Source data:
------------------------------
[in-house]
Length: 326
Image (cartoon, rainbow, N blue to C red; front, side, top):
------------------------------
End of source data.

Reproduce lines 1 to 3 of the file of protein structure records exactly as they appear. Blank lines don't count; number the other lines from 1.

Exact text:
[in-house]
Length: 326
Image (cartoon, rainbow, N blue to C red; front, side, top):